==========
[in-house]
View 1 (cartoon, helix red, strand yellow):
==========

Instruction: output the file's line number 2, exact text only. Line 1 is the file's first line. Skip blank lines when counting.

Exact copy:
View 1 (cartoon, helix red, strand yellow):